The Eighth Circuit instructs courts to “approach [the] analysis of personal jurisdiction on two levels, first examining whether the exercise of jurisdiction is proper under the forum state’s long-arm statute[, ] [and] [i]f the activities of the non-resident defendant satisfy the statute’s requirements, [to] then address whether the exercise of jurisdiction comports with due process.” Dakota Indus. v. Dakota Sportswear, 946 F.2d 1384, 1391 (8th Cir. 1991).

“To survive a motion to dismiss for lack of personal jurisdiction, a plaintiff must make a prima facie showing that personal jurisdiction exists, which is accomplished by pleading sufficient facts ‘to support a reasonable inference that the defendant[ ] can be subjected to jurisdiction within the state.’ “ K–V Pharm. Co. v. J. Uriach & CIA, S.A., 648 F.3d 588, 591–92 (8th Cir.2011) (quoting Dever v. Hentzen Coatings, Inc., 380 F.3d 1070, 1072 (8th Cir.2004)). “Although the evidentiary showing required at the prima facie stage is minimal, the showing must be tested, not by the pleadings alone, but by the affidavits and exhibits supporting or opposing the motion.” Id. (internal citations, quotation marks and quoted case omitted). The evidence must be viewed in the light most favorable to the plaintiff and all factual conflicts are resolved in its favor in deciding whether the plaintiff made the requisite showing. Id. (citing Digi–Tel Holdings, Inc. v. Proteq Telecomms. (PTE), Ltd., 89 F.3d 519, 522 (8th Cir.1996)).

Missouri's long-arm statute provides in relevant part that:

1. Any person or firm, whether or not a citizen or resident of this state, or any corporation, who in person or through an agent does any of the acts enumerated in this section, thereby submits such person, firm, or corporation, and, if an individual, his personal representative, to the jurisdiction of the courts of this state as to any cause of action arising from the doing of any of such acts:
(1) The transaction of any business within this state;
(2) The making of any contract within this state;
(3) The commission of a tortious act within this state[.]

Section 506.500. Section 506.500 “is construed to extend the jurisdiction of the courts of this state over nonresident defendants to that extent permissible under the Due Process clause.” Bryant, 310 S.W.3d at 232.

Missouri's long-arm statute expands a court's jurisdictional reach only to the extent allowed by the due process clause of the Fourteenth Amendment of the United States Constitution. Due process requires that, absent a traditional territorial basis such as a defendant's physical presence in the forum state, a defendant must have sufficient minimum contacts with the forum state so as not to “ ‘offend[ ] traditional notions of fair play and substantial justice.’ ” Bryant, 310 S.W.3d at 232 (quoting Int'l Shoe, 326 U.S. at 316, 66 S.Ct. 154). Minimum contacts are evaluated on a case-by-case basis. Peoples Bank, 318 S.W.3d at 130. The “exercise of personal jurisdiction over a defendant with minimum contact also must be ‘reasonable’ in light of the surrounding circumstances of the case.” Id.; see also Asahi Metal Indus. Co. v. Superior Court of California, Solano Cnty., 480 U.S. 102, 113 (1987). Andra v. Left Gate Property Holding, Inc. 453 S.W.3d 216, 225 -226 (Mo.2015).

“Missouri's long-arm statute authorizes personal jurisdiction over defendants who, inter alia, transact business, make a contract, or commit a tort within the state.” Viasystems, Inc. v. EBM–Papst St. Georgen GmbH & Co., KG, 646 F.3d 589, 593 (8th Cir.2011) (citing Mo.Rev.Stat. § 506.500.1). “In adopting the long-arm statute, the Missouri legislature ‘intended to provide for jurisdiction, within the specific categories enumerated in the statutes [e.g., transacting business or making a contract within the state, ] to the full extent permitted by the due process clause.’ “ K–V Pharm. 648 F.3d at 592 (brackets in original) (quoting State ex rel. Metal Serv. Ctr. of Ga., Inc. v. Gaertner, 677 S.W .2d 325, 327 (Mo.1984) (en banc)).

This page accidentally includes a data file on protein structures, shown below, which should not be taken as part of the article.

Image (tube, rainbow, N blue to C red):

In order to satisfy due process, a defendant must have sufficient minimum contacts with the forum state “such that ‘maintenance of the suit does not offend traditional notions of fair play and substantial justice.’ “ Dever, 380 F.3d at 1073 (quoting Burlington Indus., Inc. v. Maples Indus., Inc., 97 F.3d 1100, 1102 (8th Cir.1996)). Minimum contacts for purposes of personal jurisdiction may be evaluated under two theories: general jurisdiction and specific jurisdiction. Id. For general jurisdiction to exist, the defendant must have “continuous and systematic” contacts with the forum state, even if the plaintiff's claims do not arise out of those activities. Id. (citing Helicopteros Nacionales de Colombia, S.A. v. Hall, 466 U.S. 408, 415–16 (1984)). “In contrast, specific jurisdiction is viable only if the injury giving rise to the lawsuit occurred within or had some connection to the forum state.” Id. (citing Helicopteros, 466 U.S. at 414). In other words, the cause of action must “ ‘arise out of’ or ‘relate to’ a defendant's activities within a state.” Lakin v. Prudential Sec., Inc., 348 F.3d 704, 707 (8th Cir.2003) (quoting Burger King Corp. v. Rudzewicz, 471 U.S. 462, 472 (1985)). Both theories of jurisdiction require “some act by which the defendant purposely avails itself of the privilege of conducting activities within the forum State, thus invoking the benefits and protections of its laws.” Dever, 380 F.3d at 1073 (quoting Hanson v. Denckla, 357 U.S. 235, 253 (1958)).